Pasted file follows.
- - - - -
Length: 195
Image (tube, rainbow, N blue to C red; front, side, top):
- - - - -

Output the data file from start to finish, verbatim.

Length: 195
Image (tube, rainbow, N blue to C red; front, side, top):